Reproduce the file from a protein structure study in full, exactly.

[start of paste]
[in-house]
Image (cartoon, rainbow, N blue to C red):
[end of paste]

[in-house]
Image (cartoon, rainbow, N blue to C red):